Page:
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I have some SerialPort code that constantly needs to read data from a serial interface (for example COM1). But this seems to be very CPU intensive and if the user moves the window or a lot of data is being displayed to the window (such as the bytes that are received over the serial line) then communication gets messed up.

Considering the following code:

void port_DataReceived(object sender, SerialDataReceivedEventArgs e)
{

byte[] buffer = new byte[port.ReadBufferSize];

var count = 0;

try
{
    count = port.Read(buffer, 0, buffer.Length);
}
catch (Exception ex)
{
    Console.Write(ex.ToString());
}

if (count == 0)
    return;

//Pass the data to the IDataCollector, if response != null an entire frame has been received


var response = collector.Collect(buffer.GetSubByteArray(0, count));

if (response != null)
{
    this.OnDataReceived(response);
}

The code needs to be collected as the stream of data is constant and the data has to be analyzed for (frames/packets).

    port = new SerialPort();

    //Port configuration code here...

    this.collector = dataCollector;

    //Event handlers
    port.DataReceived += new SerialDataReceivedEventHandler(port_DataReceived);
    port.Open();

If there is no user interaction and nothing being added to the window, this works fine but as soon as there is interaction communication really gets messed up. Timeouts occur etc....

For example, this messes everything up:

Dispatcher.BeginInvoke(new Action(() =>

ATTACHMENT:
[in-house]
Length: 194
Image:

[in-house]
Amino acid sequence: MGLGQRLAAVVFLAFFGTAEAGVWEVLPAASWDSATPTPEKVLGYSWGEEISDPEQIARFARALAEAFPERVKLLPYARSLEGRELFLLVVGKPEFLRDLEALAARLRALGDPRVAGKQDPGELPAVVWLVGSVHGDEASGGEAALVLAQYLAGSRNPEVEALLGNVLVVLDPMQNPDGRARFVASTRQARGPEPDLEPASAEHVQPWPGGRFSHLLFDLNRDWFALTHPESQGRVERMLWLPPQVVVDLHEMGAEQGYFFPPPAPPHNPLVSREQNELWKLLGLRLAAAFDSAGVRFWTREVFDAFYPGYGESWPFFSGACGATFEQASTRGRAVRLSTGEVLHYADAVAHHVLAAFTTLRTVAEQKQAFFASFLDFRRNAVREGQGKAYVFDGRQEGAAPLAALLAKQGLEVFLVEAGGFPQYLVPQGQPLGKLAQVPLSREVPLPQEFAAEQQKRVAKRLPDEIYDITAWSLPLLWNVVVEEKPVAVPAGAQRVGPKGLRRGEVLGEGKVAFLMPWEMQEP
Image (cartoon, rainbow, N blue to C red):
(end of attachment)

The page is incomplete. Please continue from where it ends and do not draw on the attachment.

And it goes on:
{
  var builder = new StringBuilder();
  foreach (var r in data)
  {
      builder.AppendFormat("0x{0:X} ", r);
  }


  builder.Append("\n\n");

  txtHexDump.AppendText(builder.ToString());

  txtHexDump.ScrollToEnd();


}),System.Windows.Threading.DispatcherPriority.ContextIdle);
});

But even simple calls to log4net cause problems.

Are there any best practices to optimize SerialPort communication or can someone tell me what I'm doing wrong...

Update:

In case the above didn't make much sence. I made a very simple (and stupid) little example:

class Program
{
    static void Main(string[] args)
    {
        var server = new BackgroundWorker();
        server.DoWork += new DoWorkEventHandler(server_DoWork);
        server.RunWorkerAsync();

        var port = new SerialPort();
        port.PortName = "COM2";
        port.Open();
        string input = "";

        Console.WriteLine("Client on COM2: {0}", Thread.CurrentThread.ManagedThreadId);
        while (input != "/quit")
        {
            input = Console.ReadLine();
            if (input != "/quit")
            {
                var data = ASCIIEncoding.ASCII.GetBytes(input);
                port.Write(data, 0, data.Length);
            }
        }

        port.Close();
        port.Dispose();
    }

    static void server_DoWork(object sender, DoWorkEventArgs e)
    {
        Console.WriteLine("Listening on COM1: {0}", Thread.CurrentThread.ManagedThreadId);
        var port = new SerialPort();
        port.PortName = "COM1";
        port.Open();

        port.ReceivedBytesThreshold = 15;
        port.DataReceived += new SerialDataReceivedEventHandler(port_DataReceived);
    }

    static void port_DataReceived(object sender, SerialDataReceivedEventArgs e)
    {
        var port = (SerialPort)sender;
        int count = 0;
        byte[] buffer = new byte[port.ReadBufferSize];
        count = ((SerialPort)sender).Read(buffer, 0, buffer.Length);

        string echo = ASCIIEncoding.ASCII.GetString(buffer,0,count);
        Console.WriteLine("-->{1} {0}", echo, Thread.CurrentThread.ManagedThreadId);
    }
}

The result might look like this:

Listening on COM1: 6 Client on COM2: 10 This is some sample data that I send ---> 6 This is some sample data that I send